The extent of the showing required of the Government in these cases is a matter to be determined. We need not explore it further at this stage. We do hold that when the judicial power to issue habeas corpus properly is invoked the judicial officer must have adequate authority to make a determination in light of the relevant law and facts and to formulate and issue appropriate orders for relief, including, if necessary, an order directing the prisoner’s release... (page 58) It bears repeating that our opinion does not address the content of the law that governs petitioners’ detention. That is a matter yet to be determined. (page 69)

So what's the real result of Justice Kennedy's decision? "To be continued..." by the other two branches and the will of the people. Kennedy's deference to the other two branches--within the reasonable framework set forth in his opinion--makes the dissenters' arguments sound hollow.

Justice Roberts wrote a dissent, joined by Scalia, Thomas, and Alito
. The gist of it is in the very first paragraph, which tells you all you need to know about what Roberts thinks of the decision:

Today the Court strikes down as inadequate the most generous set of procedural protections ever afforded aliens detained by this country as enemy combatants. The political branches crafted these procedures amidst an ongoing military conflict, after much careful investigation and thorough debate. The Court rejects them today out of hand, without bothering to say what due process rights the detainees possess, without explaining how the statute fails to vindicate those rights, and before a single petitioner has even attempted to avail himself of the law’s operation. And to what effect? The majority merely replaces a review system designed by the people’s representatives with a set of shapeless procedures to be defined by federal courts at some future date.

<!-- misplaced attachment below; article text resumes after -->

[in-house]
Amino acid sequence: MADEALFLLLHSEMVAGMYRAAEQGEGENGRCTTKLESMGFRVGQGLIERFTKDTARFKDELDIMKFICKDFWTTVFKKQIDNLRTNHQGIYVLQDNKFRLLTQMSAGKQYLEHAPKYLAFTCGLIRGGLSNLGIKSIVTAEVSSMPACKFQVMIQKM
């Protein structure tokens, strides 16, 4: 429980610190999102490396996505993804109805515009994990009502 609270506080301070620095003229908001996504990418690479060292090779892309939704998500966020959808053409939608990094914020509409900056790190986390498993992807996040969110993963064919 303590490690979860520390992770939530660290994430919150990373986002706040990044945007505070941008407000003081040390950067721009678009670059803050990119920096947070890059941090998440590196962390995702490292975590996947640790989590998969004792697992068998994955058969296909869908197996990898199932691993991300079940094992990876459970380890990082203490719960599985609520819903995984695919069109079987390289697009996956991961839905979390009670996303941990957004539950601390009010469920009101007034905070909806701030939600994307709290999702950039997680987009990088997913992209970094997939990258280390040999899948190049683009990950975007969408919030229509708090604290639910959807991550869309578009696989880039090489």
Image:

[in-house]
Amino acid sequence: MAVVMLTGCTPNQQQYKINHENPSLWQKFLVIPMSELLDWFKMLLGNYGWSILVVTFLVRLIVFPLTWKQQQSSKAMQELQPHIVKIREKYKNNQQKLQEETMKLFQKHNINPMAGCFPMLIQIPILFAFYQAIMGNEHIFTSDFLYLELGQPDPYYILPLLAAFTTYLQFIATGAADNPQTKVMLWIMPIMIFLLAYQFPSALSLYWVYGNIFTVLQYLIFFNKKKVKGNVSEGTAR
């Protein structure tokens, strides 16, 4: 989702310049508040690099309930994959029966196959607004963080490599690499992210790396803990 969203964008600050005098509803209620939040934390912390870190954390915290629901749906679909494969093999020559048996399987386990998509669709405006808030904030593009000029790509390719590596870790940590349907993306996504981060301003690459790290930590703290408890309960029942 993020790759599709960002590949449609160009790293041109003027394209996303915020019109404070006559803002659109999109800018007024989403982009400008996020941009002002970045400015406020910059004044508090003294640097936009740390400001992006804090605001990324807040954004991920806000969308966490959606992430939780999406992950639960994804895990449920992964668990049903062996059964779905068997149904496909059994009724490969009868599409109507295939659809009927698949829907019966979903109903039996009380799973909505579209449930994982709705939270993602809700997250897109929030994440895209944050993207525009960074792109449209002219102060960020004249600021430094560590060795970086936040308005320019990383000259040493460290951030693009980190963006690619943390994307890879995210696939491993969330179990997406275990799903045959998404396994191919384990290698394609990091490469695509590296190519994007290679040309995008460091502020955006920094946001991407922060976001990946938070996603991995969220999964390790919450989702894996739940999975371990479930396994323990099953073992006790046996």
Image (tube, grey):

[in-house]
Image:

Roberts continues in his typical confrontational and adversarial style on page 8, saying,

Simply put, the Court’s opinion fails on its own terms. The majority strikes down the statute because it is not an “adequate substitute” for habeas review, ante, at 42, but fails to show what rights the detainees have that cannot be vindicated by the DTA system.

Justice Souter (with Ginsburg and Breyer) most likely wrote their short concurrence to respond to Justice Roberts, stating,

A second fact insufficiently appreciated by the dissents is the length of the disputed imprisonments, some of the prisoners represented here today having been locked up for six years...[I]t is enough to repeat that some of these petitioners have spent six years behind bars. After six years of sustained executive detentions in Guantanamo, subject to habeas jurisdiction but without any actual habeas scrutiny, today’s decision is no judicial victory, but an act of perseverance in trying to make habeas review, and the obligation of the courts to provide it, mean something of value both to prisoners and to the Nation.